Today’s rummage through my research topics has unearthed ‘caul’. It’s a thin, filmy membrane, the remnants of the amniotic sac, that covers or partly covers the head of a baby at birth; such births are rare. This is not to be confused with the ‘en-caul’ birth, which occurs when the baby is born inside the intact amniotic sac.
The Latin term is ‘Caput galeatum’ which literally means ‘head helmet’. The caul is harmless and is easily and quickly removed by the doctor or midwife following the child’s birth. A child born with a caul is known as a ‘caulbearer’.
Cauls were/are used in a method of divination known as amniomancy (from the Latin ‘amnion’, which means ‘membrane’); this practice dates to, at least, Roman times. By inspecting the caul, the diviner predicts the baby’s future. If the caul is red, it is said the baby will have a happy life; but if it is lead-coloured, the child will have misfortunes.
There is written and oral references to cauls being kept as protective amulets. This, from 1507 (unfortunately, I didn’t make a note as to its origin):
‘I tell you for a trouthe that yf ony man bere ypon hym in some batayll the lytell moders wombe, knowe that he may not be hurte nor wounded in his body.’
Historically, in ancient Rome, a child born with a caul was believed to be an omen of good luck. The son of the Roman Emperor Macrinus was born with a caul that formed a ‘diadem’ on his head; he was named Diadumenian (208-218). He served his father briefly as Caesar (‘imperial character’) when he was 9 years old, and as Augustus (‘majestic’) when he was 10. Turned out he was far from lucky – when the Syrian legions revolted, they executed Macrinus then Diadumenian in 218.
The belief that a baby born with a caul signifies good fortune carried on into medieval times. It was considered an omen that the child was destined for greatness, and caulbearers were considered immune to witchcraft. Gathering the caul was seen as an important tradition of childbirth. By rubbing a sheet of paper across the baby’s head and face, the midwife would press the material of the caul onto the paper. The caul would then be presented to the mother, to be kept as an heirloom.
It was said that caulbearers are gifted to ‘see beyond the veil’; the ‘veil’ being the caul, and a term used to describe the separation between dimensions. Over the course of history, a legend also developed that suggested anyone possessing a baby’s caul would themselves be blessed with good luck, and the caul would protect the person from death by drowning. No surprise then that cauls were highly sought after and prized by sailors. Women often sold cauls to sailors for a fair sum, which they were willing to pay.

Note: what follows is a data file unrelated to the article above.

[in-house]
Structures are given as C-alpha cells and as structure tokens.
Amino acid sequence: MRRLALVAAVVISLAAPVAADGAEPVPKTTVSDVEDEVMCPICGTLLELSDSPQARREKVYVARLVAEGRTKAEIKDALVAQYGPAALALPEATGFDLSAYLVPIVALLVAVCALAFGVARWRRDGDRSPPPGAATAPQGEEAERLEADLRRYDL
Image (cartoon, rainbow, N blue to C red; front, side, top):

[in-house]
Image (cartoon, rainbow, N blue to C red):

Caulbearers were said to be able to see the future. In Iceland, the child’s guardian spirit was said to reside in the caul and so it was carefully preserved. But not all believed cauls were a good thing – in Romania, it was believed that a child born in a caul would become a vampire after death.
References to caulbearers being special occur in literature from the Bible onwards; Moses was said to have been born with a caul.
There are quite a few references in literature; I’ve included ones from books I’ve read:
The Grimm fairy tale, ‘The Devil with the Three Golden Hairs’, in which a poor woman gives birth to a son with a caul. It was interpreted to mean that he would marry the king’s daughter when he was 14 years old.
Charles Dickens’ ‘David Copperfield’: ‘I was born with a caul, which was advertised for sale, in the newspapers, at the low price of fifteen guineas…’
Alvin Miller, the protagonist in Orson Scott Card’s series ‘The Tales of Alvin Maker’, is born with a caul in the first book, titled ‘Seventh Son’. Being the seventh son of a seventh son, the caul is a sign of his strong magical gift.
In Stephen King’s ‘The Shining’, Jack Torrance’s son, Danny, was born with a caul that made it seem as if he had “no face” when he was born.
There are more well-known people born with a caul than I realised, including
Alexander the Great
King James VI and I
… to name a few.